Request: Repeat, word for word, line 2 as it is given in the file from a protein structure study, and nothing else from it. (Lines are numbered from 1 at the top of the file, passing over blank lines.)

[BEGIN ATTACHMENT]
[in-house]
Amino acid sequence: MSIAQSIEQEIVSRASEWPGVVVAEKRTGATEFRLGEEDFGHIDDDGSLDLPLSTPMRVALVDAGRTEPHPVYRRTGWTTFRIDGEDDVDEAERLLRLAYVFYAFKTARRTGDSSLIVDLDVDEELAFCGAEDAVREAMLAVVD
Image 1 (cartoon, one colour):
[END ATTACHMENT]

Amino acid sequence: MSIAQSIEQEIVSRASEWPGVVVAEKRTGATEFRLGEEDFGHIDDDGSLDLPLSTPMRVALVDAGRTEPHPVYRRTGWTTFRIDGEDDVDEAERLLRLAYVFYAFKTARRTGDSSLIVDLDVDEELAFCGAEDAVREAMLAVVD